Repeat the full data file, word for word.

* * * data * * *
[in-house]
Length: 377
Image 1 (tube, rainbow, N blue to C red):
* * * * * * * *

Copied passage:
[in-house]
Length: 377
Image 1 (tube, rainbow, N blue to C red):